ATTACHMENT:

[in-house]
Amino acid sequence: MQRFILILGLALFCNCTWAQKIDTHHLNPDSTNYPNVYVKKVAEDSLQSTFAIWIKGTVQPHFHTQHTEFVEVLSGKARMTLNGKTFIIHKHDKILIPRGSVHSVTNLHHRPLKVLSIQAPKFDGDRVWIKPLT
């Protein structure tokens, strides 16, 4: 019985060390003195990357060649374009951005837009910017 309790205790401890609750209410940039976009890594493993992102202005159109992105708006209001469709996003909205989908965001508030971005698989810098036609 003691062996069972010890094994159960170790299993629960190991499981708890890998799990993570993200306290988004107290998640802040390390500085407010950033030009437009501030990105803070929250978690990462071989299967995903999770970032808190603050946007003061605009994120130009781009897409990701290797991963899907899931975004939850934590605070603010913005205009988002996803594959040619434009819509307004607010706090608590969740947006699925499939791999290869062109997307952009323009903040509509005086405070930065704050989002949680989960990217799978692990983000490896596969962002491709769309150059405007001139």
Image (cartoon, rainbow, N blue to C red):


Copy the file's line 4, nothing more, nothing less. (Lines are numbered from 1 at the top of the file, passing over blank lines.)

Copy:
Image (cartoon, rainbow, N blue to C red):